Wisconsin Flying Hamburger Social Unites Airports & Gives Pilots a Reason to Fly

By Scott Spangler on July 4th, 2016

Brennand-6Employing social media, airports across Wisconsin have taken the $100 hamburger flight to the next level with the Wisconsin Flying Hamburger Social. They divided the state in to eight regions or “branches,” with an airport in each of them holding a social every Monday, Tuesday, Wednesday, Thursday, and Friday from 5 p.m. to 7 p.m., or until the food runs out.

The group’s mission statement is concise: Bringing Wisconsin Aviators Together. I’ll say. I attended my inaugural social at Brennand Airport (79C), about 20 minutes from home. I learned about it through the airport’s Facebook post on the event.

Stacks Image 2257Speaking of which, pardon this tangential rant: social media is an excellent way to unite and inform aviators and those whose live around them. So why don’t airports, as a group, make better use of it, especially Facebook? Don’t they realize that everyone who belongs to an airport’s online community is another pebble of promotion that emanates in concentric circles through the vast pool of potential aviators who are their friends? Come to think of it, I think Rob had a rant or two about this same issue on Jetwhine as well.

Brennand-8And now back to Brennand’s social. The Facebook post said it would go on rain or shine, and that you didn’t have to fly in. With a 15-20-knot crosswind perpendicular to Brennand’s 2,450-by-30-foot Runway 18/36, I wasn’t the only one who arrived on two or four wheels. And there was a good crowd on hand to watch those who touched down on three, a couple of Champs, a couple of Cessna 170Bs, and a Yak 52 that got everyone’s attention with two low passes down the runway before landing.

The hangar was bisected by a two-sided buffet line that offered burgers, brats, and hot dogs, baked beans, two big silver bowls of salad, one leafy green and the other a volcano-shaped mass of something pink and fluffy looking. Two boxes of single-serving bags of chips and crisps separated the main course from dessert, a three-dimensional chessboard filled with cupcakes and a table covered by a mosaic of cherry and peach pie wedges. The line started with a donation box (there’s no charge for any of the socials), followed by plastic plates and feeding implements.

Because everyone kept moving around, it was almost impossible to estimate the number of participants. My best guess is between 50 and 75. More important than the number was the span of ages. From strollers to walkers, it was a true three-generation event!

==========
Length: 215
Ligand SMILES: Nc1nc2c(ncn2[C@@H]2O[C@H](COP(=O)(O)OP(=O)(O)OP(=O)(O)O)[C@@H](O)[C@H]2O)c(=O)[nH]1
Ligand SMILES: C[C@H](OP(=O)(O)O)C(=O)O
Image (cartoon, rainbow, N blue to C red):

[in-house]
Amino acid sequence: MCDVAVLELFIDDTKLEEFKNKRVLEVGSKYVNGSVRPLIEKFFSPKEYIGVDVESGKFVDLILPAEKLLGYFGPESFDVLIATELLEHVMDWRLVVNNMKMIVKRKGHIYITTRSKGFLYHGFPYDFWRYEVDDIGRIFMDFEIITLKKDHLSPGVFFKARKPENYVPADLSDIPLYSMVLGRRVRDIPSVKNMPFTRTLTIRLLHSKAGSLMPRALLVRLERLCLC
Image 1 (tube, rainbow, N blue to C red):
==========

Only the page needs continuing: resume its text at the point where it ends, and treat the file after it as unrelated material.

For a moment the social reminded me of a high school reunion, where the members of the various social groups reunited in the same old clusters. But their warm welcome of a stranger quickly dissolved this misperception. In the process, I met some old friends whom I haven’t seen for awhile, and I made some new ones, adding to my list of face-to-face friends.

Brennand-9What nagged at me was this question: How did I not know about this event? Yeah, I’m an introvert that doesn’t get out often enough, but I’m also seriously aviation curious. After dinner I searched out the the Wisconsin Flying Hamburger Social website as soon as I got home. 2016 marks the fourth year of the organized social, which started life as the Putt Putt Patrol in Wausau, Wisconsin.

In 2012, two of the state’s more involved aviators, John Chimel and Bob Mohr, both based at Wausau, if I remember correctly, reached out to other airports to see if they would interested in hosting a “Hamburger Night” at their airdrome. Then Jeff Gaier of Marshfield got involved and helped organize the entire state effort and its website and Facebook presence.

Everyone involved, from the organizers to the airports, are volunteers, and as the website makes clear, success depends on social interactions, both face-to-face and online.

In discussing a host airport’s marketing of its Wisconsin Flying Hamburger Social, the website says: “In order to make this event successful, you need to contact your local pilots and inform them about your social and invite them out. Socials only work if you encourage your pilots to attend other socials within your branch and other branches. If you don’t attend the other socials, then you will not have the support of the other airports in your branch.”

Brennand-14And couldn’t the same be said for aviation efforts in other states, and the nation as whole? Imagine what the aviation scene would look like if airports created (or paid attention to) their social media presence and worked at building an online community populated by their customers and neighbors? And imaging where aviation would be if airports worked together in events like the the Wisconsin Flying Hamburger Social that welcomed people to their world and introduced newcomers to the old hands. – Scott Spangler, Editor

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